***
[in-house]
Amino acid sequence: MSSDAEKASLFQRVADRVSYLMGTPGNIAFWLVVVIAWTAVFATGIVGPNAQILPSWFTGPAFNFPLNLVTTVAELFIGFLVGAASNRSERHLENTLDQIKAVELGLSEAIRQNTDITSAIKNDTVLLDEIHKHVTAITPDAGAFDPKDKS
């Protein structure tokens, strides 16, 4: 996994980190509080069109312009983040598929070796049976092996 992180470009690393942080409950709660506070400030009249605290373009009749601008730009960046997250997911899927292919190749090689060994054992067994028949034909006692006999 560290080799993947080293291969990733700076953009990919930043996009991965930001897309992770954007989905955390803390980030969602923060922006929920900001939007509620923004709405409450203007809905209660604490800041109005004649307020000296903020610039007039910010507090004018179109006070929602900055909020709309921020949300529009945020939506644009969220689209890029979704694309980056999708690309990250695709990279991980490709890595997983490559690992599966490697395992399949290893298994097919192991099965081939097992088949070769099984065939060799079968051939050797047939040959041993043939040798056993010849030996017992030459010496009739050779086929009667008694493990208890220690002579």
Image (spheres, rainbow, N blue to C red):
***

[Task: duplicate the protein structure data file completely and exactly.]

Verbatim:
[in-house]
Amino acid sequence: MSSDAEKASLFQRVADRVSYLMGTPGNIAFWLVVVIAWTAVFATGIVGPNAQILPSWFTGPAFNFPLNLVTTVAELFIGFLVGAASNRSERHLENTLDQIKAVELGLSEAIRQNTDITSAIKNDTVLLDEIHKHVTAITPDAGAFDPKDKS
């Protein structure tokens, strides 16, 4: 996994980190509080069109312009983040598929070796049976092996 992180470009690393942080409950709660506070400030009249605290373009009749601008730009960046997250997911899927292919190749090689060994054992067994028949034909006692006999 560290080799993947080293291969990733700076953009990919930043996009991965930001897309992770954007989905955390803390980030969602923060922006929920900001939007509620923004709405409450203007809905209660604490800041109005004649307020000296903020610039007039910010507090004018179109006070929602900055909020709309921020949300529009945020939506644009969220689209890029979704694309980056999708690309990250695709990279991980490709890595997983490559690992599966490697395992399949290893298994097919192991099965081939097992088949070769099984065939060799079968051939050797047939040959041993043939040798056993010849030996017992030459010496009739050779086929009667008694493990208890220690002579």
Image (spheres, rainbow, N blue to C red):